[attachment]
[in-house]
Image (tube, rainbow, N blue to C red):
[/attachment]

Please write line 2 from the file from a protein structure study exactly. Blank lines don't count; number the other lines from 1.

Image (tube, rainbow, N blue to C red):